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Internet Explorer 10, as well as Windows apps using JavaScript in Windows 8, adds support for several new Cascading Style Sheets (CSS) features, including new advanced layout, visual effects, and panning and zooming capabilities. This trend began with Windows Internet Explorer 8 (full compliance with the Cascading Style Sheets, Level 2 Revision 1 (CSS2.1) standard) and continued with Windows Internet Explorer 9 (support for CSS rounded corners, multiple background images, new color models and opacity, Cascading Style Sheets, Level 3 (CSS3) Fonts and Web Open Font Format (WOFF), 2-D Transforms, Media Queries, CSS3 Namespaces, and more). Internet Explorer 10 continues this progress by introducing support for the CSS features described in this section.

  • Advanced Layout
  • Visual Effects
  • Other New Features
  • Related topics

Important  These features work identically in Internet Explorer 10 and Windows apps using JavaScript.


Note  For a complete list of CSS support across all recent versions of Windows Internet Explorer, see CSS Compatibility in Internet Explorer.


Advanced Layout

Internet Explorer 10 and Windows 8 introduce several new methods to lay out your webpage or Windows app using JavaScript with CSS. These methods include:

Topic Description

CSS Exclusions

Wrap text so that it completely surrounds elements, instead of limiting elements to floating to the left or right of text.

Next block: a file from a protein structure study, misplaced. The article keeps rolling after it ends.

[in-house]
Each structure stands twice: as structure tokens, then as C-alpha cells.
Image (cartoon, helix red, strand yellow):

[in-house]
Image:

CSS Regions

Take a single stream of HTML content that includes both text and images, and stream that content into multiple empty containers defined in a standard HTML document.

CSS3 Multi-column Layout

Flow content into multiple columns that allow for a gap and optional rule between them.

CSS3 Flexible Box ("Flexbox") Layout

Take the available space into account when defining box dimensions, thereby enabling relative sizes and positioning.

CSS3 Grid Layout

Divide space for major regions of a webpage or web app, and define the relationship between parts of an HTML control in terms of size, position, and layer.

CSS Device Adaptation

The @-ms-viewport rule, in combination with CSS Media Queries, enables web developers and developers of Windows apps using JavaScript for Windows 8 to optimize the layout of sites and apps for different devices with minimal effort.


Visual Effects

Internet Explorer 10 and Windows apps using JavaScript support some of the latest visual effects modules of CSS3. They are:

Topic Description

CSS3 3-D Transforms

Translate, rotate, and scale elements in both 2-D and 3-D space.

CSS3 Animations

Animate elements by automatically varying CSS properties smoothly over time.

CSS3 Fonts

Access advanced typographic features in OpenType fonts that include them.

CSS3 Gradients

Add color gradients to any property that accepts images.

CSS3 Transitions

Create simple animations by smoothly changing CSS property values from a start value to an end value.

CSS3 Text

Apply a drop shadow to text, or automatically hyphenate blocks of text.


Other New Features

Internet Explorer 10 and Windows apps using JavaScript also introduce the following new features:

Topic Description

Removal of style sheet limits

Limits to the number of style sheets per webpage and to the number of nesting levels that were present in previous versions of Internet Explorer have been removed in Internet Explorer 10.

Scrolling and zooming with touch

Using CSS, you can control the scrolling and zooming views of your touch-optimized webpage in Internet Explorer 10 or your Windows app using JavaScript in Windows 8.

Specifying selectable text

The -ms-user-select property is a new CSS property that enables app and web developers to control where users are able to select text within their Windows apps using JavaScript or webpages.


Internet Explorer 10 Guide for Developers